Education, for Joan,

was essentially a task of freedom, of freeing people’s minds from entrapment.

 

Joan bore her considerable intellectual gifts lightly, with an easy conversational manner and a carefree grace. Yet a certain natural air of authority characterized her various roles, both within the Institute, as school principal, and as university college principal, St Mary’s College, University of Melbourne, and Ena Waite College, University of Tasmania.

 

Joan proudly claimed to be the first woman dean of a theological institution,

 in Australia.

 

From 1980 to 1989 Joan served as Academic Dean at Yarra Theological Union(YTU http://www.yarrainstitute.org.au/AboutUs/Brochure.aspx ), an affiliated teaching institute of the Melbourne College of Divinity (MCD). In this role she had responsibility for the academic programs of several hundred students (including over a hundred seminarians) and played a crucial role in welcoming lay people and particularly women to theological study.

While in so many ways the proverbial free spirit, Joan had a keen administrative mind and a capacity for meticulous attention to detail. The fundamentals of essay writing and presentation, and the minutiae of spelling and punctuation, would not escape her educator’s eye. When, as Dean, it came to oversight of the requirements for course completion, or the design and implementation of the YTU curriculum in the context of the MCD, she was precise and objective, while open and flexible as required. She was a skilful and astute Chair of meetings, always well prepared, contributing clarity and precision to the business of the meeting as well as flashes of humour and quick wit to lighten even the most dreary agenda.

After a sabbatical year in 1990, Joan returned to YTU as Chair of the Philosophy Department and taught Philosophy from 1991-2003. She was formally honoured for her many contributions and distinguished service, by being named:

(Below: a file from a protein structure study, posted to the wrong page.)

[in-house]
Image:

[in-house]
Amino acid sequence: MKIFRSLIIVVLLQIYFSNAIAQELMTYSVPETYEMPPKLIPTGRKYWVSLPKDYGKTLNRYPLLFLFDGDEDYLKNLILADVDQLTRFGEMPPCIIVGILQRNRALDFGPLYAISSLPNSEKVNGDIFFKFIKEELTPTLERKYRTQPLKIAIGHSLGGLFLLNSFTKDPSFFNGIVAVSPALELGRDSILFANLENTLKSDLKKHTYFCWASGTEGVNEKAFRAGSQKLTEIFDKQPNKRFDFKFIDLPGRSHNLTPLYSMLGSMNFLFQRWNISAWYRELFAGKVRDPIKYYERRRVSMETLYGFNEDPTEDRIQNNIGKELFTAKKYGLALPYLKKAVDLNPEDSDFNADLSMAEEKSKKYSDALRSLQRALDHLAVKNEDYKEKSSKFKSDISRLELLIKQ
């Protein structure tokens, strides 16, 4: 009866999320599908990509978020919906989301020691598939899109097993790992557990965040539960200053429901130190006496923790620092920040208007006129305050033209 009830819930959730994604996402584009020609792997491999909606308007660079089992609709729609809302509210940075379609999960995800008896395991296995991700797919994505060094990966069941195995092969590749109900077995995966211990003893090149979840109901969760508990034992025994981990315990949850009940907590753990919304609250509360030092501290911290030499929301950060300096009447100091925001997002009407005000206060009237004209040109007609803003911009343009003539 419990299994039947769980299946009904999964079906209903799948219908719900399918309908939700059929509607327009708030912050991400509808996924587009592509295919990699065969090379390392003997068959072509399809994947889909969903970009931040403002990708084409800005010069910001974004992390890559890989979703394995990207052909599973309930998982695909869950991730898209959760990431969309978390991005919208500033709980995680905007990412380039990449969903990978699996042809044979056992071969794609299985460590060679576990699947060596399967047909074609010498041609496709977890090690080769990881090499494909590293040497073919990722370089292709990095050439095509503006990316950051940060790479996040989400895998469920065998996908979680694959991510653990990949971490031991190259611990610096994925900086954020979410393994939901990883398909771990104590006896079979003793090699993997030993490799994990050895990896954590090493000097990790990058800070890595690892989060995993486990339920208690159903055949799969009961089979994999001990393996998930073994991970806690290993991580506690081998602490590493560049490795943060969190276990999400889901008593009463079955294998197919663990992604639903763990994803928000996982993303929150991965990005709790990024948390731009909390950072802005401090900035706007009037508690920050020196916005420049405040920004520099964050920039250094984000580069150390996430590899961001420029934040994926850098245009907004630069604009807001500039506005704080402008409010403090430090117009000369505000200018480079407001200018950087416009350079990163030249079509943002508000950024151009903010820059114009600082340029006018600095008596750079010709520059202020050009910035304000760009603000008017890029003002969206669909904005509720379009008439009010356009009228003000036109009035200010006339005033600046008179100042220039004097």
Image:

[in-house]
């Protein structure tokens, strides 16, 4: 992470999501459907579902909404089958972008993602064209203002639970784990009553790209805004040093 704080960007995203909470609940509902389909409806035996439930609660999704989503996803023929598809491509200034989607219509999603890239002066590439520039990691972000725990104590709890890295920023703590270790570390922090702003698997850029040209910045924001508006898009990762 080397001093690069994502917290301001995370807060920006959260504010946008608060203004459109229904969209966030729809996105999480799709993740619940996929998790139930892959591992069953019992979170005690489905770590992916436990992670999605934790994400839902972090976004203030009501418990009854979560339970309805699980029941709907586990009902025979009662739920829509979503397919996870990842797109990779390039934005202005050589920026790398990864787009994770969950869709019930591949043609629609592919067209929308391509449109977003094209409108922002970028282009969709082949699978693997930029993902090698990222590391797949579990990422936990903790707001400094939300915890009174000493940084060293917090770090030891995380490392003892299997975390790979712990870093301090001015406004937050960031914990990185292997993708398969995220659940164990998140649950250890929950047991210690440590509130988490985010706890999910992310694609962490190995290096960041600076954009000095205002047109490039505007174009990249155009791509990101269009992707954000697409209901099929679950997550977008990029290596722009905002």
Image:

• Fellow of the Australian College of Education (1986)
  • Fellow of the Melbourne College of Divinity (1990)
  • Senior Fellow of Yarra Theological Union (2003) 

Officially retiring from YTU in 2003, she continued to participate in seminars and events there, never one to miss a party or celebration. Her impishly composed clerihews contributed to the memorability of many an occasion. Her birthday celebrations were legendary, extending into at least a month-long season of festivities.

Retirement afforded her the opportunity to exercise her painting skills, particularly through icon-writing, to spend more time with her beloved family, and to indulge her love of cricket, sudoku and cryptic crosswords. For thirteen years she contributed the monthly cryptic crossword puzzles to the Jesuit magazine, Eureka Street, and she also served on its editorial board. Alas, her plans to conduct retreats for atheists did not come to fruition. She did, however, teach philosophy to her fellow residents at Bedford Heights.

A lover of words and puzzles, a woman of wisdom and grace, Joan was always the teacher of philosophy: it mattered, and the love of wisdom that was so alive in her will live on in those who were blessed to know her and to be caught up in her passion for learning and for life.

Joan Nowotny, who has died in her sleep peacefully, at 82, left a precious piece behind for all the Women of our World.

‘ Women in time will do much…’

CLICK for ‘pdf’ Below.

http://www.loreto.org.au/works/documents/Women_in_time_Anna_Gaha_Jan07.pdf

Philosophical reflection was one of the great loves of her life.

 

She cherished the intellectual rigour of philosophy, its engaging the deepest questions of life’s meaning and its capacity to open and to free the mind. It equipped her to be a gifted educator and her students profited from the imaginative and incisive manner with which she taught.

 

_________________________________

 Sources:  Associate Professor Anne Hunt OAM, Australian Catholic University.
Source-photo:  The Sydney Morning Herald
Loreto Sister History: http://www.loretoskinner.co.za/history.htm
Joan’s Book: http://www.bookfinder.com/dir/i/Freedom_Entrapment-Women_Thinking_Theology/186371555X/

A Celebration of Women

sends our blessings and eternal gratitude for this Spirit of a Woman, sharing our belief that the Women of our World are better for her living her life. May her spirit live inside us all, offering FREE THINKING open minded thoughts.

 

Brava Sister Joan!

(Mother Miriam)